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Zapruder speaks: Vintage interview with the man who shot the Kennedy assassination
08:24 am


John F. Kennedy
Abraham Zapruder

Abraham Zapruder shot the most famous home movie in history. He was the man whose 26 seconds of film footage captured the assassination of President John F. Kennedy on November 22nd, 1963.

It is the only known film of the entire assassination.

In an interview with Jay Watson, program director with WFAA, an ABC news affiliate, Zapruder described the events he witnessed.

“As I was shooting, as the President was coming down from Houston Street making his turn, it was about a half-way down there, I heard a shot, and he slumped to the side, like this…

“Then I heard another shot or two, I couldn’t say, it was one or two, and I saw his head practically open up, all blood and everything, and I kept on shooting. That’s about all, I’m just sick, I can’t…”

Watson responded by saying that this “pretty well expresses the entire feelings of the whole world.”

The report moves on to videotape of the President’s body arriving at Parklands Hospital, after which a photograph of the Texas School Book Depository is shown and discussed in relation to the shooting. The report ends with news of the arrest of a suspect.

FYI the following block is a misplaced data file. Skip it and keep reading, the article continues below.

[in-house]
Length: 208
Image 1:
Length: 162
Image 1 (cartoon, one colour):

Here, in less than six minutes, is a concise distillation of the events that have obsessed America for 50 years.

H/T ABC News

Posted by Paul Gallagher | Discussion
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Folk singer Roy Harper accused of sexual assault on a child
09:35 am


Roy Harper

British folk singer Roy Harper, 72, has been charged with nine counts of sexual assault perpetrated on a girl from the age of twelve according to published reports.

On Monday, Harper is due at the Hereford Magistrates’ Court to answer the charges. Police in West Mercia have revealed that the alleged offenses were to have been committed between 1975 and 1977.

Harper lives in County Cork, Ireland. The summons was issued on October 16th, but Harper was first questioned about the matter at Heathrow Airport back in February.

Harper has performed with Pink Floyd (that’s his voice on “Have a Cigar”), recorded with Jimmy Page, and Led Zeppelin did a tribute to him, “Hats Off to Roy Harper.” He was having a late in life career resurgence and has just ended a sold-out tour. Harper was awarded MOJO magazine’s “Hero Award” in 2005 and fetted at a 70th birthday celebration at London’s Royal Festival Hall in 2011.

Posted by Richard Metzger | Discussion
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John Lydon reveals Mick Jagger ‘secretly’ paid Sid Vicious’ legal fees
10:15 am


Mick Jagger
Sid Vicious
John Lydon